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How to Write the Bowdoin College Supplement Essays 2017-2018


We’ve updated this post for 2018-2019

Bowdoin College is a private liberal arts college located in Brunswick, Maine, situated in a quaint suburban campus. With a total undergraduate enrollment of 1,806 students and an acceptance rate of 14.3%, Bowdoin stands as one of the more selective universities and one of few schools with a “Test Optional” policy. The college ranks at #3 in U.S. News and World Report’s National Liberal Arts Colleges, #22 in the same publication’s Best Undergraduate Teaching list, and #13 in the Best Value Schools list.


Bowdoin is known for its small student body, which still offers 100 student organizations and boasts a student-to-faculty ratio of 9:1. Although the school is small, it still enjoys a $1.4 billion endowment.


The close-knit liberal arts education Bowdoin College provides allows for risk-taking, which is the spirit of a true liberal arts education. The school’s most popular majors include political science and government, economics, and mathematics.


Read on to learn how to tackle the Bowdoin supplement for 2017-18.


Bowdoin College Application Essay Prompts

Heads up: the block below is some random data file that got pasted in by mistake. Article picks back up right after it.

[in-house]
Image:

The Bowdoin writing supplement requires an unusually short response to a basic question and an optional reflection on that prompt. These writings are the perfect opportunity to show off your creative side and demonstrate why you want to make the college your future home. So let’s dive right in!

Required Prompt

How did you first learn about Bowdoin? (140 characters)

This question limits you to a very short response (140 characters are 10 characters less than the length you get for describing one of your Common App activities, and culminate to approximately 1 sentence of 20 words.). Due to its brevity, you must be concise, yet precise. To answer this, you first need to reflect on what you would like to write for the second prompt (though it is technically “optional,” you really need to answer it to impress the admissions officers).


An example of a response you don’t want to write is: “I first heard about Bowdoin when they sent me a letter in the mail.” This is an extremely disadvantageous answer, as it demonstrates lack of creativity, lack of research, and worst of all, lack of effort. 


As a safer option, opt for something more creative in the first answer. Maybe you read about Bowdoin in Michael Shaara’s novel “The Killer Angels” or perhaps you first heard about Bowdoin because your favorite animal is a polar bear (Bowdoin’s mascot). Or perhaps you learned of Bowdoin’s excellence through the reputation of the school’s famous alumni such as Nathaniel Hawthorne, Franklin Pierce, and superstar Neurosurgeon Derek Shepherd from Grey’s Anatomy.

“The Offer of the College” (250 words)


Generations of students have found connection and meaning in Bowdoin’s “The Offer of the College.”

“To be at home in all lands and all ages;

to count Nature a familiar acquaintance,

and Art an intimate friend;